Want to show your support? You can do something today. The Transgender Law Center sent out the following Urgent call for action yesterday:

Congress is back in session, and now is our moment to take action on ENDA, the Employment Non-Discrimination Act. We must tell our federal legislators how important these protections are to our community and that we need a law that protects against workplace discrimination based
on sexual orientation and gender identity. While there are many issues that need to be addressed to bring about equality for LGBT people and to protect our rights, ENDA is the bill that is being considered in Congress right now.

If it is to pass, we must speak up, loud and clear.

Contact your Representative and Senators to ask them to take swift action to pass the Employment Non-Discrimination Act. Do it today. They need to hear, loud and clear, that this bill is our top priority.

Call the U.S. Capitol switchboard at: (202) 224-3121. Give the operator your zip code and ask to be connected to your Representative. Then, after leaving your message, hang up and call again to be connected to each of your two Senators.

Suggested voicemail message: My name is _____ and a proud resident of (your city/state). I am calling in support of the Employment Non-Discrimination Act (H.R. 3017/S. 1584). ENDA protects lesbian, gay, bisexual and transgender people from job discrimination and it is critically important. Please take swift action to pass ENDA. I can be reached at _______ (provide your phone number). Thank you.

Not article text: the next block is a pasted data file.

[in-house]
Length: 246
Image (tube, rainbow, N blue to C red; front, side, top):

Take a stand today to end employment discrimination against LGBT people! It only takes a few minutes to make the calls, but the impact of your actions will touch lives across the country for many years to come.


This post has 15 Comments

  1. nome on September 15, 2009 at 11:51 am

    That’s a beautiful letter. Thank you for sharing it with us! I love when gay folks can realize that they need to do more than just throw a T haphazardly onto the end of the ever-growing acronym to really include us in the community. (And the same goes for queers, pansexuals, polysexuals, asexuals, intersexed folks, genderqueers and whoever else we’ve been including these days)

  2. Jane on September 15, 2009 at 12:10 pm

    Nothing to say but “may it be so.”

  3. Joe G. on September 15, 2009 at 12:28 pm

    This was nicely written.

    My only surprise is that you posted it even though it never mentions you…

  4. Sandy on September 15, 2009 at 1:45 pm

    As a woman who was born in a male body, I have had to overcome some serious internal and external issues and images to become myself, my true self.

    ENDA has a direct effect on me and all like me, of course. And I applaud Mr Toscano’s blog for publishing Mr Pritchett’s letter. It says much of what needs to be said about equal opportunity. Dr. Kings statements ring so true even today.

    Also, I wish to stress, that by including transgender rights in the ENDA bill (specifically gender blindness), it prevent *anyone* from being discriminated against because of their gender presentation.

    For example, without gender identity protection, a woman with short hair could be construed as having a too masculine presentation and be fired or refused housing. Regardless of her sexual orientation.

    A man with too much “flair” could be construed as being to feminine and be terminated. It wouldn’t matter if he was gay or straight, though you can surely well bet that it would be the club by which all LGB & T could be hit with.

    So you see, this protects ALL of us. And that was why I and so many of our lesbian and gay friends were so disappointed when transgender specifications were removed from the last attempt for ENDA.

    I pray that is not the case this time and that Mr Obama will stand by his pledge to sign this legislation when it gets to his desk.


  5. p2son on September 15, 2009 at 2:26 pm